coffee and arthritis

Your Morning Beverage Is Hurting Your Joints

Arthritis is a common cause for joint pain among older adults. Joints become stiff, swollen, range of motion is limited, and above all, you experience pain.

Living with arthritis and joint pain can be difficult, but there is one thing that you probably do every day that is worsening it.

Several studies have shown that consuming coffee — yes, a highly popular beverage consumed by the masses — may worsen joint pain in arthritis.

Caffeine is known to be dangerous for those with osteoporosis and other bone diseases because it steals bones of useful calcium, causing them to become weaker.

An average cup of coffee contains around 100 mg of caffeine and sodas have about one-third of this.

For this reason, it’s important that if you suffer from joint pain or want to protect your bones and joints, you should reduce your intake of caffeine. This means reducing your coffee, chocolate, soda, and energy drink consumption. You may be wondering about tea, but researchers suggest that caffeine in tea isn’t as harmful as caffeine in other sources to bones.

This is because tea contains other properties and compounds that offer protection. In fact, it’s recommended that arthritis sufferers consume green, black, oolong, and white tea, as they are rich in antioxidants.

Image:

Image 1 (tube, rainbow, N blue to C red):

Although joint pain can prevent movement, the Arthritis Foundation still suggests that you stay active, but find activities that don’t put added stress on your joints. Swimming, biking, and yoga are low-impact exercises that can ease pain, improve mobility, and not cause additional problems later on.

It may also help to wear supportive shoes as to not put added stress on your knees when you walk.

The takeaway here is that if you’re having trouble managing your joint pain, then you may want to review your caffeine intake and reduce it. Not only would you be helping to reduce pain, but you would be protecting your bones too.


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https://www.express.co.uk/life-style/health/942196/arthritis-joint-pain-relief

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